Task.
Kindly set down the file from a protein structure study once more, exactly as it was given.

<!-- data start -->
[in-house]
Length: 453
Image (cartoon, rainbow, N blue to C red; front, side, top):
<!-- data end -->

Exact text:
[in-house]
Length: 453
Image (cartoon, rainbow, N blue to C red; front, side, top):